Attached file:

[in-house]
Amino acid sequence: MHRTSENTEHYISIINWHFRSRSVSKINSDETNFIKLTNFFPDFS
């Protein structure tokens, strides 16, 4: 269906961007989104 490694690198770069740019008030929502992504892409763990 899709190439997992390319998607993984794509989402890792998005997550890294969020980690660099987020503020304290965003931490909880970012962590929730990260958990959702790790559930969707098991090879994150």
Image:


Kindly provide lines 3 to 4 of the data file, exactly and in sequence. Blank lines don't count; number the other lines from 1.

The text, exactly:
């Protein structure tokens, strides 16, 4: 269906961007989104 490694690198770069740019008030929502992504892409763990 899709190439997992390319998607993984794509989402890792998005997550890294969020980690660099987020503020304290965003931490909880970012962590929730990260958990959702790790559930969707098991090879994150």
Image: